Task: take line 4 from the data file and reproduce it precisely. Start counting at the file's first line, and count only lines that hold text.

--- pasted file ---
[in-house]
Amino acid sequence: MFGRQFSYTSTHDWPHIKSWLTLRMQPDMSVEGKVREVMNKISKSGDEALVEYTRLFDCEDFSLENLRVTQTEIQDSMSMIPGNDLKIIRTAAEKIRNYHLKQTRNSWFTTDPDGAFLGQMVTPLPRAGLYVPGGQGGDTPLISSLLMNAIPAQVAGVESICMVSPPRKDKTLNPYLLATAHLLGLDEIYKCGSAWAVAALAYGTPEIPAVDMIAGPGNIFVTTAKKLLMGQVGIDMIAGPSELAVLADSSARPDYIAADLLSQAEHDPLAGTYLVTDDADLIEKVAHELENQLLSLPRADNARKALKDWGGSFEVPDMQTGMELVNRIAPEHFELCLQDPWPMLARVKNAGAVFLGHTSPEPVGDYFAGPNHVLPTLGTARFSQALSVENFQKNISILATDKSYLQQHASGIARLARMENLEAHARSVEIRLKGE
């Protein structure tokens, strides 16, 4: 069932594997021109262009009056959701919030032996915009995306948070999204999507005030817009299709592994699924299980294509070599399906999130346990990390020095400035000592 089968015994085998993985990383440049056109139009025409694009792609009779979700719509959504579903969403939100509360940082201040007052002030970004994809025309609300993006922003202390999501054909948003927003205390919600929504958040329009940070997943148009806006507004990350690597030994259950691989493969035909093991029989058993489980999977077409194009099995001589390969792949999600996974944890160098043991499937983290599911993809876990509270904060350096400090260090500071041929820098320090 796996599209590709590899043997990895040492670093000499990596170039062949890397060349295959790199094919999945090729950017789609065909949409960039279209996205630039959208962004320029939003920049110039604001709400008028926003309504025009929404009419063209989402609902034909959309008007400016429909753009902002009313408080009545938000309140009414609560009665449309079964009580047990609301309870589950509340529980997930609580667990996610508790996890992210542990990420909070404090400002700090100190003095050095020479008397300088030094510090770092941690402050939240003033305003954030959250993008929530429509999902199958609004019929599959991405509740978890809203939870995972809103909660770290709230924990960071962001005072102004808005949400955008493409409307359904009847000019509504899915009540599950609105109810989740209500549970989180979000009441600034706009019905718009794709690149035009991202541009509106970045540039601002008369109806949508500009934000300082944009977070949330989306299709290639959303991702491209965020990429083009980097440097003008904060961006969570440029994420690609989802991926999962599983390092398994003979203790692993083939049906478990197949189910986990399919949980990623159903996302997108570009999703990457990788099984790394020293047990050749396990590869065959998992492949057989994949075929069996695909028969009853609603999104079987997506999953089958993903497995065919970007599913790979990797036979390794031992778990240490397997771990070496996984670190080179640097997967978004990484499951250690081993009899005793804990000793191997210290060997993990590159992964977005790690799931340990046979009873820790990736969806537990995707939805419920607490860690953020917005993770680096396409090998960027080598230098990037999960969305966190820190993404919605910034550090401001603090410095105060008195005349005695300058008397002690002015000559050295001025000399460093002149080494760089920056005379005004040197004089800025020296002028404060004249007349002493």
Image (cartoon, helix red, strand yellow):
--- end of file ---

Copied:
Image (cartoon, helix red, strand yellow):